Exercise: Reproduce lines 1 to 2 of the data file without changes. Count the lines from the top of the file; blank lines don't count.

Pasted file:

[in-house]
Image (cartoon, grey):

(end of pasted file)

[in-house]
Image (cartoon, grey):